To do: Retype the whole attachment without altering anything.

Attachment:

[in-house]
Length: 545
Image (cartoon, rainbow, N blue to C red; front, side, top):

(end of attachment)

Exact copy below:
[in-house]
Length: 545
Image (cartoon, rainbow, N blue to C red; front, side, top):